Sunday, March 28, 2010

An unexpected turn of events.

My camera broke the day that we got back from California. It was horrible. The bathroom stalls at airports are simply not large enough to accommodate someone with two carry-on pieces. And I HAVE to say, the bag hooks SHOULD BE LONGER. I am doing my best to not dwell on fault or blame about this situation, because that does no good. However, if I was going to be angry about this, I'd be angry about that damn short hook on the bathroom door stall.

So. Camera bag goes on hook. I start turning to use the toilet. Camera bag slips and turns mid slip so that the top of the bag (oh so coincidentally where the camera rests) is pointing toward the ground. Camera bag completely slips off of hook. Bag crashes to the ground. Irritated groan from me. However, I didn't think any damage had been done. I didn't see my camera the rest of the day, amidst unpacking I didn't give it a second though. I had already posted my 365 for that day too.

Let's cut to the following day. Time to prepare my camera for some photographs. After a few unfortunate days in the past where I left without a memory card or a battery, I always check that my camera is loaded with both and is working. Commence camera check list!

Uh oh.

If I had been in my right mind, I might have taken a photo of what my camera looked like, but I was beyond distraught.

Never again will I travel with a lens attached to my camera body. This is something that I've heard before, but never applied to myself. Smart, right?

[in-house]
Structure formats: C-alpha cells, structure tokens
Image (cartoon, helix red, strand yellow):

Lens is half off the body. "Oh my God, oh my God". Uggghhhh. Crap crap crap. I take the lens off the camera, carefully, and a tiny spring and two small metal pieces pop off of the metal ring on the front of the camera body.

Woo. Commence uncontrollable sobbing.

Jake went straight to work researching camera repair shops in the area. Unfortunately, there aren't any. The closest places are in Seattle, which we kind of figured.

Cut to the next day! We headed off to Seattle and found our destination in Ballard at a place called Camera Techs. My worst fears were confirmed when the kind man behind the counter inspected my camera and told me that the entire mirror box needed to be replaced because the impact ripped the metal threading from the plastic body. Excellent.

I don't know yet when I'll have my camera back or how much it'll cost. I know it'll be at least $300.

This was a rather devastating turn of events. I felt oddly empty and alone when I looked at my broken camera moments after the metal pieces popped out. Even though I use my camera everyday and photography is my passion and it's what I want to do with my life and what I'm going to school for, it's like I didn't realize how much I loved and depended on my camera. I miss it.